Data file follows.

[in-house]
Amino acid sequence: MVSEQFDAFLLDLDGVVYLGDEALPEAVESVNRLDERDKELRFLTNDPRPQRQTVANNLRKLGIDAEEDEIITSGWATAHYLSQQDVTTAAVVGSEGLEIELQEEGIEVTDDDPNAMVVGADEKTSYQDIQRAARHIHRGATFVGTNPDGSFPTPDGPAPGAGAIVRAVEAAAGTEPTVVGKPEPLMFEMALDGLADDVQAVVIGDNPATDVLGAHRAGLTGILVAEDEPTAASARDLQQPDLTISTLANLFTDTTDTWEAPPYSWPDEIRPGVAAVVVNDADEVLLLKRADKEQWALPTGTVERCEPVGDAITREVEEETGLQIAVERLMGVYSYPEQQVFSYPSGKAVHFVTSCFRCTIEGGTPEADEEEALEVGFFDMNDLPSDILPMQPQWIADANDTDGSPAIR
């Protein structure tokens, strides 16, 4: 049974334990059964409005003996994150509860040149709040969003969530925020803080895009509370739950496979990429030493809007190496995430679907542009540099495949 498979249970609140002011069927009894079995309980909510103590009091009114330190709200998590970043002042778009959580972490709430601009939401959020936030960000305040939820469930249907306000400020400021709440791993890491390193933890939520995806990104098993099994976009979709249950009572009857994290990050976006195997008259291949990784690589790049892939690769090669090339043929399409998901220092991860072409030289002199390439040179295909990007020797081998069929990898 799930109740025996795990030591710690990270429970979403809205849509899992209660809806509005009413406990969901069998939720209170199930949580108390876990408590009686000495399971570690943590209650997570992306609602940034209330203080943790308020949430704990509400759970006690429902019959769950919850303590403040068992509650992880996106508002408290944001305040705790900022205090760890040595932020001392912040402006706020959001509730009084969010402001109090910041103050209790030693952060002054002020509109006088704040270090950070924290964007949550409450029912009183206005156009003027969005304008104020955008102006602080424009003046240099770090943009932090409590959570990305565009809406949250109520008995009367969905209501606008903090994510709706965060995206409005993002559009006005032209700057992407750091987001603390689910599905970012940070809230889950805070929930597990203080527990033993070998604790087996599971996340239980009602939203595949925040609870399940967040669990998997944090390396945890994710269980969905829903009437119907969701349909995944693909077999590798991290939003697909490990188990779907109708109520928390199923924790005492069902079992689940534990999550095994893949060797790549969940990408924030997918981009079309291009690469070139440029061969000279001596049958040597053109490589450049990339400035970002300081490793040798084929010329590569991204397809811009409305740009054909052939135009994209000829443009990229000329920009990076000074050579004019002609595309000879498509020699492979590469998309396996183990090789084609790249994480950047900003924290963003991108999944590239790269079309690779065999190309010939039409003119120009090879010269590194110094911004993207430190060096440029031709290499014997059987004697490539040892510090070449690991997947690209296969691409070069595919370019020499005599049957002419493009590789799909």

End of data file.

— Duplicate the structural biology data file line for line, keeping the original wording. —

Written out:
[in-house]
Amino acid sequence: MVSEQFDAFLLDLDGVVYLGDEALPEAVESVNRLDERDKELRFLTNDPRPQRQTVANNLRKLGIDAEEDEIITSGWATAHYLSQQDVTTAAVVGSEGLEIELQEEGIEVTDDDPNAMVVGADEKTSYQDIQRAARHIHRGATFVGTNPDGSFPTPDGPAPGAGAIVRAVEAAAGTEPTVVGKPEPLMFEMALDGLADDVQAVVIGDNPATDVLGAHRAGLTGILVAEDEPTAASARDLQQPDLTISTLANLFTDTTDTWEAPPYSWPDEIRPGVAAVVVNDADEVLLLKRADKEQWALPTGTVERCEPVGDAITREVEEETGLQIAVERLMGVYSYPEQQVFSYPSGKAVHFVTSCFRCTIEGGTPEADEEEALEVGFFDMNDLPSDILPMQPQWIADANDTDGSPAIR
């Protein structure tokens, strides 16, 4: 049974334990059964409005003996994150509860040149709040969003969530925020803080895009509370739950496979990429030493809007190496995430679907542009540099495949 498979249970609140002011069927009894079995309980909510103590009091009114330190709200998590970043002042778009959580972490709430601009939401959020936030960000305040939820469930249907306000400020400021709440791993890491390193933890939520995806990104098993099994976009979709249950009572009857994290990050976006195997008259291949990784690589790049892939690769090669090339043929399409998901220092991860072409030289002199390439040179295909990007020797081998069929990898 799930109740025996795990030591710690990270429970979403809205849509899992209660809806509005009413406990969901069998939720209170199930949580108390876990408590009686000495399971570690943590209650997570992306609602940034209330203080943790308020949430704990509400759970006690429902019959769950919850303590403040068992509650992880996106508002408290944001305040705790900022205090760890040595932020001392912040402006706020959001509730009084969010402001109090910041103050209790030693952060002054002020509109006088704040270090950070924290964007949550409450029912009183206005156009003027969005304008104020955008102006602080424009003046240099770090943009932090409590959570990305565009809406949250109520008995009367969905209501606008903090994510709706965060995206409005993002559009006005032209700057992407750091987001603390689910599905970012940070809230889950805070929930597990203080527990033993070998604790087996599971996340239980009602939203595949925040609870399940967040669990998997944090390396945890994710269980969905829903009437119907969701349909995944693909077999590798991290939003697909490990188990779907109708109520928390199923924790005492069902079992689940534990999550095994893949060797790549969940990408924030997918981009079309291009690469070139440029061969000279001596049958040597053109490589450049990339400035970002300081490793040798084929010329590569991204397809811009409305740009054909052939135009994209000829443009990229000329920009990076000074050579004019002609595309000879498509020699492979590469998309396996183990090789084609790249994480950047900003924290963003991108999944590239790269079309690779065999190309010939039409003119120009090879010269590194110094911004993207430190060096440029031709290499014997059987004697490539040892510090070449690991997947690209296969691409070069595919370019020499005599049957002419493009590789799909």